In February of 2018, a new Code Club was set up at Bosomtwe International School in Ghana. Code Club volunteer Clement Cheah tells us how he came to travel from his home in Switzerland to West Africa to help them get started.
In 2009 I learned about a school in the heart of rural Ghana. The school was set up by former professional football player and local Ibrahim Oubda, and lessons were taught outside under a tree, or in a wooden hut.
Since then, new buildings and classrooms have been built, and the school now has a new name: Bosomtwe International School (BIS). Inspired by their progress and my own experiences, I wanted to give BIS students an opportunity to learn IT and coding skills. Supported by friends, I started a project to equip the school with hardware, including 20 Raspberry Pi computers.
During my first trip to the school, I was warmly welcomed by students and teachers. One student, Ernest, particularly stood out. Ernest was not only passionate about computers, but also about aeroplanes, and he promised that in 10 years, he would fly me somewhere.
I’d never set up a computer room in a rural school, and though I had lots of ideas, there were plenty of things I hadn’t planned for. My allocated room was in a building without electricity, but with help from an electrician and after several trips to town (about an hour away), the IT room was set up with power. Computers were new to the students, and so the ICT teacher’s first goal was to teach them how to type on a keyboard and use a mouse. I travelled back home to Switzerland, happy that we’d made a good start!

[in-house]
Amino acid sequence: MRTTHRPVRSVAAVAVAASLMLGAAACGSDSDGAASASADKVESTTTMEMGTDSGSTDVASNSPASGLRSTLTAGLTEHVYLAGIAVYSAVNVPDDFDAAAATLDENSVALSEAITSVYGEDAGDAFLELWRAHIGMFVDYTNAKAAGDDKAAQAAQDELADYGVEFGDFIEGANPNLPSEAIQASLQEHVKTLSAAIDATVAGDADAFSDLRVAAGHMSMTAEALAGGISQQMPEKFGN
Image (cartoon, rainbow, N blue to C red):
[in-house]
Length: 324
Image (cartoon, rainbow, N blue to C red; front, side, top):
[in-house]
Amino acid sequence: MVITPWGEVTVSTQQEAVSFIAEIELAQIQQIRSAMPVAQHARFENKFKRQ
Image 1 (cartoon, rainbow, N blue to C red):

Soon after my return, I discovered Code Club at the BETT show and was impressed by both the resources and by how easy it was to start a club. I remembered Ernest, and wondered if he would enjoy coding. I shared the idea of starting a Code Club with the BIS’s ICT teacher, Bismark, and he was very supportive. Therefore, my new goal was to start a Code Club during my next visit in February 2018.
Back at BIS, I introduced Code Club and Scratch programming to Bismark and to Ernest, who by now was known as the ‘Computer Man’ at the school. Both found Scratch very user-friendly and were confident they could use it to continue the BIS Code Club. We put up Code Club posters and gave Code Club stickers to the excited students who came to try Scratch.
I am extremely happy that Ernest and his friends have this opportunity to learn coding. In the future Ernest could become a pilot, a software engineer, or even the next tech entrepreneur — who knows! I do know that BIS students (and teachers) are now learning to code thanks to the support of Code Club and the Raspberry Pi Foundation. I encourage everyone to start a Code Club in their community, or even in communities far away where the lives of children and their communities can be improved through learning a new skill: coding!
There are Code Clubs in more than 140 countries around the world! Start one in your community now by heading to www.codeclubworld.org.